Design Thinking is a process AND a mindset. But it’s also much more than that. Implemented in daily work, the problem-solving potential of Design Thinking finds its expression in the form of a living innovation culture. This is even more the case when holistic and user-centered solutions are sought. How this works in detail and is implemented in practice can be learned at the HPI D-School in one to two


The special quality of this method may be found in its integral character and the resolutions of the usual, albeit few, conducive limitations. For this purpose, the three big “Ps” have proven to be of great value:


  • People: The team is formed in an expressly multi-disciplinary manner to allow for ideas that extend far beyond the borders of the individual member’s own discipline. This trend moves visibly from an individualistic way of thinking to a we-culture of mutual creation. It is precisely here that we see the greatest potential and where we set our starting point. It is a simple truth that collaborating teams react faster, use their collective intelligence better and generate working processes with greater sustainability. This is how they reach amazing results. 
  • Place:  Ideas flourish best in a free and flexible working environment. Variable rooms are adapted to the needs of each project. Tables and partitions can be moved on rollers. Walls and almost all other surfaces are used freely to visualize thoughts and to share results. Shelves of colorful materials invite participants to illustrate ideas quickly and to bring them to life.
  • Process:  Through the six-step Design Thinking innovation process, the team navigates into the solution space. The process requires an open culture of error. Why? Because in Design Thinking we like to think in the realm of the impossible. The user is totally in the focus of the emphatic approach and its development. The intriguing thing about the process is that it activates the entire thought apparatus of those involved – both the analytical and the creative-intuitive areas.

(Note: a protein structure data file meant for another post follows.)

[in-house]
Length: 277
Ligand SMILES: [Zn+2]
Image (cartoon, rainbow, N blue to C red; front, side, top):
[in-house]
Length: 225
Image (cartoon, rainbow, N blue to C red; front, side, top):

Design Thinking offers an even balance between creative and analytical methods. This combination motivates teams, coaches and project partners to define the problem and formulate the solution with a greater sense of adventure. Different perspectives and experiences consciously flow into the solution process. The solution space of design innovation opens at the crossroads of user wishes, feasibility and cost-effectiveness.

In Design Thinking an often heard adage is: “problems can be complicated but not solutions.” Here, the search for solutions is not undertaken from the beginning, but rather an attempt is first made to get to the root of the problem.  Subsequently, it is often a surprising simplicity that characterizes the optimal result.

The six-step iterative Design Thinking process combines the methodology from engineering with experimental aspects from the teaching of design. The user is seen from a social-scientific perspective, with a view that is always open to something new. Team members from very different backgrounds combine their efforts toward achieving a common goal. At the same time, mutually appreciated, innovation-inspiring communication helps to develop a common language and way of thinking that extends beyond subject-specific terminology and hierarchical borders. Only in this way is it possible to mutually overcome complex challenges. The result: convincing innovations for widely different areas of life.